world music The story on how Rafael Machuca, a Colombia tax lawyer, came to own and operate Colombia's most eccentric record label is almost as odd as the sounds found in this collection. The tale goes something like this: Machuca was in charge of finding live music for a lawyers directors' party, and, having no clue how to search for traditional sounds, contacted his brother-in-law, Humberto Castillo, a record dealer in Medellin. Castillo traveled up country and helped Machuca find a variety of Barranquilla nightspots full of local talent that no one had thought to record. The long and short of all this is that Machuca, a man who previously had no interest in music, much less the music business, became infatuated with what he heard, joined one band on tour and ultimately used his tax knowledge to form a label with contacts and suggestions for musicians by Castillo. Out of this came a half decade of coastal Colombia's most outrageous psychedelic rhythms. Machuca encouraged single-takes, and at times, put together bands out of whoever was around, meaning some of these "groups" he recorded never existed outside of the one or two sides they waxed for the label. The music on La Lorcura de Machuca 1975-1980 is well-grounded in Cumbia and Vallenato, so its roots aren't obscured so much as decked out in glow-in-the-dark feathers and high-heels. Read Bruce Miller's review and listen to a few tracks.

 

world music Cimarrón is a Colombian group playing llanero joropo music, the music of Colombia's north-eastern plains (los llanos). In October, they performed live from the river and savannahs in the Orinoco Plains. Watch the impressive full video (24 minutes) and read a short intro to their music by Andrew Cronshaw.

 

world music The term "Afro-Futurism," supposedly coined in 1993, but certainly put into practice philosophically and otherwise way before then, has been receiving much attention over the last few years. And it makes sense too. When a group of people- jailed, shot by police, denied fair housing, wages, or equity with regards to all manners of health and educational issues- finds itself systemically deprived of justice, a look to sci-fi and other ways to use the future as a way to escape the present is one logical reaction to various forms of oppression. The idea of space travel, both figurative and literal, is what fueled the music and writings of master bandleader, composer, and keyboard wizard Sun Ra... It only makes sense that Canadian-Malian artist Djely Tapa would embrace the term as a way to update griot traditions as a form of feminism. She has harnessed rhythms and stories at their root, but delivered them coated in dub murk and trippy electronics. Tapa grew up in Kayes, learning the music of the griots to whom she was related, all the while finding herself fascinated with Western culture. Eventually moving to Montreal to study Mechanical Engineering, she fell in with the cities massive African Diaspora and dug back into her griot-based roots. Eventually, she connected with Chadian-Canadian DJ AfrotroniX, who produced Barokan. Read Bruce Miller's review and listen to some of the music.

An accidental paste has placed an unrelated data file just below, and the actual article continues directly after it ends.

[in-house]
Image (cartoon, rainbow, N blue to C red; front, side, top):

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About RootsWorld: RootsWorld is a world music magazine started in 1993, pretty much at the dawn of the term "world music" as well as the pre-dawn of internet publishing (I suspect this was the first music magazine of any sort published on the www). Our focus is the music of the world: Africa, Asia, Europe, Pacifica and The Americas, the roots of the global musical milieu that has come to be known as world music, be it traditional folk music, jazz, rock or some hybrid. How is that defined? I don't know and don't particularly care at this point: it's music from someplace you aren't, music with roots, music of the world and for the world. OK?